If you’ve ever had the pleasure of sailing off of the Florida Keys, odds are good that you felt Cuba’s gravity tugging at your imagination. After all, the island nation is only some 210 nautical miles from Key West, on the other side of the Gulf Stream, and offers everything from forbidden cultural fruits of yore to warm, friendly and welcoming people to rich, stunning geography and natural beauty.
For racing sailors, this proximity to the mainland USA coupled with its exotic flare and mandatory Gulf Stream crossing make Cuba the perfect finishing line for an international yacht race.
The Miami to Havana Race (March 13, 2019) began in 2016 when the Southern Ocean Racing Conference and the Coral Reef Yacht Club first organized this international competition, which has proved popular with sailors of all stripes. The event starts with a competitors meeting and cocktail party at the Coral Reef Yacht Club (March 12), followed by the race (March 13), and finally the awards party, which will take place on Friday (March 15) in Havana.
While awards will be given for the Miami to Havana Race, this awards party will also see the anointing of the 2019 “Champion of the SORC Islands in the Stream Series”. (N.B., this five-part series also includes the Nassau Cup Ocean Race, the Wirth Munroe Palm Beach Race, the Fort Lauderdale to Key West Race and the recent Pineapple Cup Montego Bay Race.)
Racing begins just off of Miami’s fabled South Beach on Wednesday, March 13, and racers typically point their bows towards the Florida Keys before then crossing the Stream and punching for Havana’s finishing line and their berth at Havana’s Marina Hemmingway.
The race’s current record was set in 2018 by Steve and Heidi Benjamin’s all-conquering TP52 Spookie, which delivered a time of just 17 hours, 19 minutes and 56 seconds, but this year’s entry list includes possible record-breaking challengers including a different TP52 (Victor Wild’s FOX), a Volvo Open 70 and two Class 40s.
I checked in with Chris Woolsey, the race administrator and regatta chair for the 2019 Miami to Havana Race (March 13), via email, to learn more about this intriguing offshore race.
How many boats are you expecting at the 2019 Miami to Havana (M2H) Race? Also, how does this compare to the numbers and the competition levels that you have seen in recent years?
Entries are closed and we have 16 boats in this year’s race. That’s down a bit from last year. I think that there are a couple of things in play. Havana is a Bucket List destination, so for a lot of boats, once they have gone there, they treat it as “been there, done that.”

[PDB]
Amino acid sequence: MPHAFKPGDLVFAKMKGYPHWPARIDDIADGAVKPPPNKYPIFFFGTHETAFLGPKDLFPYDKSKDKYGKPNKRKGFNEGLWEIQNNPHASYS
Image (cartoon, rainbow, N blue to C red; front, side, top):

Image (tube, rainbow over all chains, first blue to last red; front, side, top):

We do have a few boats who have done every race, and as was the case in the glory days of the SORC, there are a couple of boats who got dinged up during the series and cannot make the trip to Havana as a result.
One of those was the Farr 395 Senara that won the PHRF Fleet in the Pineapple Cup, but suffered a crack in the hull shortly after leaving Montego Bay for the delivery home. We miss those boats.
It’s starting to look like turnout for this race will end up similar to turnout for the Nassau Cup. There will be a core group of regulars who return every year, along with a nice bunch of boats, which headed south for the winter to escape the cold.
Todd White’s White Rhino passes Fowey Rocks Lighthouse – photo © Image courtesy of the Miami to Havana Race
In your mind, what are the toughest parts of the M2H’s course?
Without a doubt, the toughest part of the M2H course is the decision about when to make the turn across the Gulfstream to Havana. The Sailing Instructions require that all marks of the Florida Keys be left to starboard, leaving it up to each boat’s navigator and/or tactician to pull the trigger on the cross.
It is a hero or zero call and there is no hiding place for those who get it wrong. The right spot is completely dependent on the conditions and the strength/location of the Gulf Stream, so there will likely be different “right spots” for the boats running up front than the boats who are out back.
Knowing your horse, knowing your course will be the key.
What are the best-case and worst-case scenarios in terms of weather? Also, what is it about these conditions (wind direction, wind speed, wave height, wave period, etc.) relative to the course that inspires your answers?
Best-case scenario is to ride a northeasterly to easterly blast down and around the bend of the [Florida] Keys, and set up for a wet ride across the Stream. That is pretty much what we had last year, and [Steve and Heidi Benjamin’s TP52] Spookie set the race record as a result.
Catch it early enough in the frontal passage, and the waves are passable, but if the breeze has been blowing into the Stream for too long, they stack up like condominiums. That raises the possibility of worst-case scenario as well.